International Comparison of Poststroke Resource Use: A Longitudinal Analysis in Europe.

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Long-term costs often represent a large proportion of the total costs induced by stroke, but data on long-term poststroke resource use are sparse, especially regarding the trajectory of costs by severity. We used a multinational longitudinal survey to estimate patterns of poststroke resource use by degree of functional disability and to compare resource use between regions.


The Survey of Health, Ageing and Retirement in Europe (SHARE) is a multinational database of adults 50 years and older, which includes demographic information about respondents, age when stroke first occurred, current activity of daily living (ADL) limitations, and health care resource use in the year before interview. We modeled resource use with a 2-part regression for number of hospital days, home nursing hours, and paid and unpaid home caregiving hours.


After accounting for time since stroke, number of strokes and comorbidities, age, gender, and European regions, we found that poststroke resource use was strongly associated with ADL limitations. The duration since the stroke event was significantly associated only with inpatient care, and informal help showed significant regional heterogeneity across all ADL limitation levels.


Poststroke physical deficits appear to be a strong driver of long-term resource utilization; treatments that decrease such deficits offer substantial potential for downline cost savings. Analyzing internationally comparable panel data, such as SHARE, provide valuable insight into long-term cost of stroke. More comprehensive international comparisons will require registries with follow-up, particularly for informal and formal home-based care.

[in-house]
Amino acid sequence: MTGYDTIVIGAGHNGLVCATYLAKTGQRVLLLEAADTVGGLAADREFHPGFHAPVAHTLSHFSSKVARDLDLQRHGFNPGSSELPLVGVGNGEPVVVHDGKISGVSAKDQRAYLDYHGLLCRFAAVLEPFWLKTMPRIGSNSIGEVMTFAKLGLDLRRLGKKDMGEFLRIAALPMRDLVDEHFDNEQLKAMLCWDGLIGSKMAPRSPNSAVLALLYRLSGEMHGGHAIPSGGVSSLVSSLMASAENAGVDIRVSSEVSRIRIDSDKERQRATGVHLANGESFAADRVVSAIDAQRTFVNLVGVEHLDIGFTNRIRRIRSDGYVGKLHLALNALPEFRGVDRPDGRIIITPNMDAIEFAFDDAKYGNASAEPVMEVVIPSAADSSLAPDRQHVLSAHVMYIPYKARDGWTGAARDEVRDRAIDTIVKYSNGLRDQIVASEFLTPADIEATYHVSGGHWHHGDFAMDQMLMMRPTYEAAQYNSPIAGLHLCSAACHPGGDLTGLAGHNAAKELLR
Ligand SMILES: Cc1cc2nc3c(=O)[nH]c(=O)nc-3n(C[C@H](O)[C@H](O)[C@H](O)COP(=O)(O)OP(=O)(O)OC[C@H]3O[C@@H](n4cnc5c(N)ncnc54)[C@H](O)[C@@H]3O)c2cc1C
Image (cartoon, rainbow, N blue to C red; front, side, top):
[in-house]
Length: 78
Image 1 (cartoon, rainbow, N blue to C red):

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Matchar, David B, Marcel Bilger, Young K Do and Kirsten Eom (2015). International Comparison of Poststroke Resource Use: A Longitudinal Analysis in Europe. Journal of stroke and cerebrovascular diseases : the official journal of National Stroke Association, 24(10). pp. 2256–2262. 10.1016/j.jstrokecerebrovasdis.2015.06.020 Retrieved from

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David Bruce Matchar

Professor of Medicine

My research relates to clinical practice improvement - from the development of clinical policies to their implementation in real world clinical settings. Most recently my major content focus has been cerebrovascular disease. Other major clinical areas in which I work include the range of disabling neurological conditions, cardiovascular disease, and cancer prevention.
Notable features of my work are: (1) reliance on analytic strategies such as meta-analysis, simulation, decision analysis and cost-effectiveness analysis; (2) a balancing of methodological rigor the needs of medical professionals; and (3) dependence on interdisciplinary groups of experts.
This approach is best illustrated by the Stroke Prevention Patient Outcome Research Team (PORT), for which I served as principal investigator. Funded by the AHCPR, the PORT involved 35 investigators at 13 institutions. The Stroke PORT has been highly productive and has led to a stroke prevention project funded as a public/private partnership by the AHCPR and DuPont Pharma, the Managing Anticoagulation Services Trial (MAST). MAST is a practice improvement trial in 6 managed care organizations, focussing on optimizing anticoagulation for individuals with atrial fibrillation.
I serve as consultant in the general area of analytic strategies for clinical policy development, as well as for specific projects related to stroke (e.g., acute stroke treatment, management of atrial fibrillation, and use of carotid endarterectomy.) I have worked with AHCPR (now AHRQ), ACP, AHA, AAN, Robert Wood Johnson Foundation, NSA, WHO, and several pharmaceutical companies.
Key Words: clinical policy, disease management, stroke, decision analysis, clinical guidelines

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